New Delhi: Confederation of Indian Industry (CII) has recommended four key measures for enhancing liquidity to Non-Banking Financial Companies (NBFCs) and Housing Finance Companies (HFCs) for an immediate boost to demand in the economy.
Firstly, RBI should define a framework for ‘lender of last resort’ for NBFCs and HFCs having an asset book size of more than INR 25,000 crore. Unlike banks, NBFCs and HFCs do not have the repo window facility to borrow in times of need.
Secondly, CII has suggested that RBI should look at creating a separate classification within the systemically important NBFCs based on asset book size. These NBFCs and HFCs could have more stringent ALM requirement but could be supported by providing more funding options like additional eligibility for ECB, temporary back stop funding like repo facility.
Third suggestion is to ease ECB norms with a higher limit for investment grade rated companies equivalent to sovereign rating upto maybe USD 1,500 million from the current uniform limit of USD 750 million for all NBFCs.
Finally, CII has suggested relaxation of end use norms of ECBs for HFCs to facilitate credit flow to the entire housing finance sector. Currently end use is limited to affordable housing.
NBFCs and HFCs have played a complementary role to banks in supplying credit to the underserved segments of the economy. RBI data suggests that for FY19, the share of credit from Banks and NBFCs & HFCs was in the 70:30 ratio. NBFCs have a share of 15% in personal loans, 30% in auto loans, while HFCs have a share of 42% in housing loans.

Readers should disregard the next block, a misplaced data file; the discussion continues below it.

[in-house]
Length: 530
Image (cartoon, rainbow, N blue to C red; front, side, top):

Elaborating on the importance of the suggested measures, CII further stated that NBFCs and HFCs are an important source of financing and will play a key role in taking Indian Economy to $5 trillion. Through the years, NBFCs have mastered the art of banking the unbanked segment of the society in both urban and rural areas. A deep-rooted understanding of the customer, the local geography and prevailing market dynamics across various regions; coupled with the flexibility in operations, based on the borrower’s needs, have been the key elements of their success. Policy-makers have been taking steps to alleviate the problems in the NBFC sector, and rightly so. CII’s suggestions to improve liquidity to the sector will provide the much-needed boost to demand in the immediate term.